sgs

My signature – the one I use on my paintings – is evolving.

That’s a good word:  evolving.  It indicates change over time.  My signature has changed over time but slowly.

Thirty years ago I signed everything with my regular initials, J.F.D., with no stylization or decoration.

Then, 15 years ago, it became style-ish, dropping the curves and converting completely to stiff, straight lines:

JFD

Then, about 7 years ago I made a big change.  I adopted a Spanish phrase for my signature:  Querer Es Poder.  It is most often translated as ‘If you can dream it, you can do it.’  But it’s much more than that.  Querer means to want, to desire, to yearn for, to dream about.  Poder means power and also to be able (to do something).  I’ll let you noodle around with the various combinations of meaning! The signature itself became a stylized symbol of my own making:

Quere2r

But as I began to get in touch with my genuine self in art, mostly through the transformative process of my work with Theresa Vandenberg Donche, I began to see the Spanish phrase-name and symbol-signature as artificial and pretentious.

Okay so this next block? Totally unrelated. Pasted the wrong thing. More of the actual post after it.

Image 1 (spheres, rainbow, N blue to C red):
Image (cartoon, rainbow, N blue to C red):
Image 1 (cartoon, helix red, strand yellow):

For awhile I didn’t sign anything.

I wanted to sign my name . . . but my penmanship is atrocious and unpredictable under the best of circumstances.  I couldn’t see spending hours and hours on a canvas only to ruin it with a crappy signature in the bottom right corner.

So, I bought a few oil paint markers and began to practice and practice.  I decided it didn’t matter whether anybody could read every letter of my name.  What mattered was that they could read most of it and that it was consistent.

Just two weeks ago, I felt comfortable enough to actually sign a few things.  The new signature looks like this:

sig

 

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